In terms of deliberate misuse, a legend holds that it was mandrake used to poison Marcus Antonius' troops. Maharbal (200 BCE) left several amphoras of wine laced with mandrake for his enemies to find. When the enemy was immobilized he returned with his men and killed them. Use as a mass poisoning tool seems less likely in later years as a mandrake roots became a sacred item and was even passed down from generation to generation as a family talisman.


Oleander: Nerium spp. It has been recorded that many of Alexander the Great's soldiers died after using oleander twigs to barbecue meat. The plant is so bitter that its use in assassinations and executions were minimal, thankfully, considering that this is considered one of the most deadly plants in the world and poisonings still occur with alarming frequency to this day.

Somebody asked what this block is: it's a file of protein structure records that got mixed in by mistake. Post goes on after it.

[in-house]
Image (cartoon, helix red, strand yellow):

Opium: Papaver somniferum. The ancient Greeks portrayed the divinities Hypnos (Sleep), Nyx (Night), and Thanatos (Death) wreathed with poppies or carrying poppies in their hands. Often used as a carrier for far more dangerous drugs, there is a story that an assassination attempt was made on Queen Elizabeth where opium was smeared on the pommel of her saddle. In adults most opium deaths are motivated by suicide, beginning in the Aegean Islands as a form of euthanasia with hemlock for a painless death. Opium was most often used as a narcotic knock-out drug to facilitate other crimes, like robbery or rape. Between 1837 and 1838, of 543 cases of poisoning in England and Wales, at least 200 involved opium or opium-derivatives. A fifth of these cases involved the overdose of children by parents or nursemaids.